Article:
The Competition and Consumer Protection Commission (CCPC) is publishing information, to help businesses understand how new legislation may impact on their gift vouchers policy.
From Monday, it says businesses across Ireland will need to review the terms and conditions of the gift vouchers they sell to ensure that they comply with the law change.
The CCPC has published guidance to help businesses understand the new legislation, and assess how the new rules may impact on them.
Some of the main changes include that a gift voucher cannot have an expiry date less than five years from the date it was purchased.
Firms have to provide a record of the expiry date to customers in writing - for example on paper or by e-mail.
Shops also cannot limit the amount of vouchers used in a single transaction, and they cannot refuse to accept gift vouchers that are not in the user's name.
Traders also cannot charge a fee for changing or amending the name on a gift voucher.
Gift vouchers that were sold before the new legislation came into effect do not have to comply with the new requirements.
However, any gift vouchers issued from December 2nd must be provided under the conditions in the new legislation.
If a business has vouchers pre-printed, they can give the customer written confirmation of whether there is an expiry period.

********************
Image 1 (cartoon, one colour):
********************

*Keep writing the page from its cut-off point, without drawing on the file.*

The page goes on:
CCPC chairperson Isolde Goggin says: "This legislation gives consumers valuable additional protections and in the run up to Christmas it will be of considerable benefit to anyone who buys or receives a gift voucher.
"Businesses, whether they are a restaurant, hotel, service provider or retailer, now need to take action and check that they are compliant with the law.
"We know that this is a busy and critical time for businesses so we are providing them with practical information to help them make the necessary changes they need to their gift voucher terms and conditions."
"We are also engaging with major trade associations and representative groups to get this information to as many businesses as possible."